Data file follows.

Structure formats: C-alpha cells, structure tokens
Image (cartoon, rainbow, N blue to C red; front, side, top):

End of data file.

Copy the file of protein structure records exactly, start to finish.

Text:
Structure formats: C-alpha cells, structure tokens
Image (cartoon, rainbow, N blue to C red; front, side, top):